At the Folklife Studio, kids can chat with the performers they hear and see throughout the day. They can ask the Zuni Olla Maidens about how they decorate the ceramic jars they balance on their heads or ask Nadia Larcher about how she plays her traditional Andean instruments. They can also learn Arctic dances from Pamyua and hula dances from Hālau ʻŌhiʻa!

A person wearing feathered regalia and a birdlike wooden mask dances outdoors.
Gene Tagaban shares Tlingit stories at the 2023 Folklife Festival. Ronald Villasante, Ralph Rinzler Folklife Archives

5. Listen to stories in the Amphitheater

Storytellers are visiting the museum’s outdoor Amphitheater with tales for audiences of all ages! They offer meaningful and engaging traditional tales from Cherokee, Chickasaw, Haudenosaunee, Tlingit, Alaska Native, and Native Hawaiian cultures. Be sure to catch an interactive session with Perry Ground, a member of the Turtle Clan of the Onondaga Nation.

An adult is sitting in a chair under a tent while helping a child.
Weavers from the Centro de Textiles Tradicionales del Cusco at the 2015 Folklife Festival Joe Furgal, Ralph Rinzler Folklife Archives

6. Create with the artists

Step behind the Family Activities tent to witness Reyna Hernandez paint her mural. Kids can help her make a community masterpiece for the first few days of the Festival, from June 26 to 28. Across the field, artist Ubaldo Sánchez will be showing how to make a giant decorated kite from Guatemala, or barrilete. Kids can make their own kite at his tent using colorful tissue paper.

Close-up of a squash plant with green leaves and budding orange flowers outdoors.
Squash plant at the 2005 Folklife Festival Lester Broughton, Ralph Rinzler Folklife Archives

7. Look for plants in the garden

In the Kitchen Garden, kids can explore the native plants with the help of a scavenger hunt provided by the garden staff (not to be confused with the Adventure Guide!). What spiky plant can be turned into a tasty, sugary delight? Which of the Three Sisters can be used to make oil, flour, and dough? Learn this and more at the garden!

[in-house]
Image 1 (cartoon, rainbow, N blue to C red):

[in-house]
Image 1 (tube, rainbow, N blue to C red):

Four close-ups of kids crafts: a beaded bracelet, a cornhusk dragonfly, a painted gourd, and a triangle ball game.
Smithsonian’s National Museum of the American Indian

8. Make crafts at the imagiNATIONS Activity Center

Want to make beaded daisy chains? Or a bracelet made from ti leaves? The museum’s imagiNATIONS Activity Center hosts a variety of guided activity sessions designed for kids to make fun souvenirs related to Indigenous cultures. Space is limited, so visitors may need to get a timed-entry pass from the museum’s information desk to get in.

At the end of your visit, don’t forget to stop by the Family Activities tent to turn in your Adventure Guide and receive your prize.

There’s plenty more to explore at this year’s Festival aside from what we have listed here, so don’t be afraid to let your curiosity guide you wherever it goes!

Devon Szczepkowicz is a program intern for Indigenous Voices of the Americas at the 2024 Smithsonian Folklife Festival. She is a rising sophomore majoring in history at Gettysburg College.

Jillianne Lim is also a program intern for Indigenous Voices of the Americas. They are a junior at University of Hawai‘i at Manoa studying anthropology and English.